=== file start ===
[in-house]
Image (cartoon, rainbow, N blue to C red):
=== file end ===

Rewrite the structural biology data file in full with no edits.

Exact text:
[in-house]
Image (cartoon, rainbow, N blue to C red):